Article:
Stand on her cliffs and wonder.
Imagine winter’s lonely nights as light keeper.
Be stirred by the wonder of spring’s arrival.
Contemplate memories of childhood, of sandcastles, starfish, and shells.
It is a place bursting with sustenance for the soul.
But, home,well home is where I thrive, the hills, the green fields, pastoral scenes, the barns, and the people.
All it takes to appreciate what you have is to be without it for awhile.
Hope you are well,
I have dreams, I have hopes, and I have aspirations.
Can I wait around for some fairy Godmother to to tap me with her wand?
Nah, probably not; I’ve got things to do, time is awastin’, and I’m not getting any younger.
Because I don’t speak of these things much, (until I am ready to share); it may appear to others that I just jump into things, willy-nilly. This could not be further from the truth, I research ad-nauseam. Make a plan, then research some more. (Are you nauseous yet?) I am almost ready! We’ve spoken to our local LDC and are set for our second meeting.
The Llamas are excited. Really they are.
The goats delirious. Can’t you just see the excitement in their eyes?
No? Look deeper.
…and the dogs, well, the dogs could give a hoot.
There are no balls, bones, or games involved, so they just choose to ignore the happenings around here.
They pretend they can’t see the yarn wrapped around their paws, in their water dish, and atop their heads. They lie on top of fabric scraps; try to take freshly stitched sweaters for their own, try to wear cowls, and make chew toys of thread spools.
It is going to be lots of work, lots of fun!
And the best part; I get to do it all in our freshly(to be) built barn.
The dogs really do like that part.
Alright then, let’s get to work.
Uhmm, where are you all going? We’ve got work to do.
Ah, well. There must be something in self-reliance.
“If you are a dreamer come in If you are a dreamer a wisher a liar A hoper a pray-er a magic-bean-buyer If you’re a pretender com sit by my fire For we have some flax golden tales to spin Come in! Come in!” ― Shel Silverstein
Be well, Jess
How much do you try to fit in those little shreds and patches of time between the usual things to be done.
I tossed the laundry in to the basket, grabbed the bowl of pins. loaded up the washer with the next load then headed out to hang them in the sun and breeze.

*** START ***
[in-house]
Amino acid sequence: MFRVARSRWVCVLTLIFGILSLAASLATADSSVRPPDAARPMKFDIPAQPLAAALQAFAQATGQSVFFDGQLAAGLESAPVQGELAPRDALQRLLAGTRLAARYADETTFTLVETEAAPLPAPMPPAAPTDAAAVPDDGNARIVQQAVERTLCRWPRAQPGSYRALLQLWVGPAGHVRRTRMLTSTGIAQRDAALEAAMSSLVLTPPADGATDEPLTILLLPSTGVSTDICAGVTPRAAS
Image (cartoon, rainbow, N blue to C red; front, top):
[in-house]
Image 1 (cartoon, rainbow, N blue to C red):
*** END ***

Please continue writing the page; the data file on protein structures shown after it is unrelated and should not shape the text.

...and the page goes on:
Walking back from the clothes line out back near the far pasture; I notice some weeds in the garden. I stop to pull the few I noticed; as I pulled, I noticed more. The seeing, pulling, and shifting went on for some time. My back was sore, then I looked at the clock, I had been at it for 3/4 of an hour. I had missed the rinse cycle on the washer, no softener in this load.
What continues to astonish me about a garden is that you can walk past it in a hurry to get to the next task at hand, see something wrong, stop to fix it, and emerge an hour or two later breathless, contented, and wondering what on earth happened.
Do fill the cracks of time so tight you couldn’t slip paper between the minutes? Do you accomplish more when you think you don’t have enough time?
I have a list of things to be done a mile long. This list seems to the should haves, at the end of the day I wonder why I didn’t hem those pants (sorry Mike), why didn’t I trim the dog, (sorry Finn), why didn’t I trim his hair, (sorry honey).
“What may be done at any time will be done at no time.”
– Scottish Proverb
I did however: weed the garden, hang the laundry, help Jenn with her knitting, do the dishes, make the beds, vacuum the rugs, feed the animals, throw the ball for Lexi, clean the chicken coupe, plan dinner, write this post, respond to emails, and its only noon!
“It is not enough to be busy, so are the ants. The question is, what are we busy about?”
– Henry David Thoreau
I have much to learn.